By Saara Itkonen, chief librarian at the Creston Valley Public Library
October is National Library Month. In addition to an official proclamation – with a coat of arms and the Queen and everything – Josie Osborne, the Minister for Municipal Affairs, who also also oversees the Public Libraries Branch, said the following:
“Libraries are unique and welcoming community spaces where people of all ages and backgrounds can gather, explore interests and develop lifelong skills. Throughout the pandemic, libraries have continued to be important places of refuge both online and in person, where a good book, a friendly ear, and a link to the community has made a big difference in people’s lives.”
It’s an important acknowledgement for those of us who work in libraries. As I’ve mentioned in this column before, the pandemic has been particularly hard for library workers. We continue to keep our doors open (except when safety requires us to pivot to curbside pickup), we keep the lights on and the books stocked on the shelves, we assist with technology troubleshooting and filling out of government forms, we patiently listen to COVID worries and the occasional tantrum. We’ve continued to do all of this, as well as adding to our online services, without the added joy we’ve previously experienced when interacting freely in person with our community members.
As a library director, I’ve essentially lost half my job during this pandemic – the half where I spent time working directly with our community partners, organizations, individuals to look for ways to reduce barriers to library service and collaborating to develop new programs, collections ,and services. Instead, I’m supporting my staff to pivot weekly to health protocols, I’m writing reams of procedures and policies, and filling out government forms. Administration is always part of a library director’s job, but the pandemic has made it most of my job, and that makes me sad.
Our library staff have had it even harder. They have to continually bother people about putting on masks, about wearing them properly (FYI, if it’s not covering your nose it’s not doing anything), apologizing for not being able to allow patrons unlimited computer time, patiently explaining why services are unavailable this week when they were available last week, doing extra wiping down of surfaces throughout our building, and now even helping people sign up for their proof-of-vaccination. All while maintaining patience and professionalism and always seeking how to better support and further assist our community members.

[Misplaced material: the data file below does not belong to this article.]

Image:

I don’t say all this to whinge and whine and wallow in our misfortune. We’re all dealing with stress during this pandemic and public library workers are experienced and passionate about serving their communities. We wouldn’t do this job if we weren’t. But if ever there was a time to make our library workers feel valued, important, and cared for, this year’s National Library Month would be it.
Has the public library provided service to you in your life? Have you read a particularly entertaining book or watched a movie that made you forget about COVID numbers for a minute? Maybe you could take a moment to pop into our library branch and write a short note of support on our Library Month wall display (see picture). If you don’t have time to stop by, a comment on our Facebook page or a message, email, or card would also be very welcome at this time.
And if you’re feeling especially thankful, consider making a donation to support library operating costs. We accept donations in person and also have an online donate button on our website – crestonlibrary.com. Perhaps you have time to write to our local MLA Brittny Anderson and ask the provincial government to increase funding to all the public libraries, which has remained the exact same amount since 2009.
Let’s take time this October to thank our library workers for their continued work to support our community and give them a healthy morale boost to keep going until this pandemic is far behind us.
And Happy National Library Month! We thank you for your continued to support for public libraries.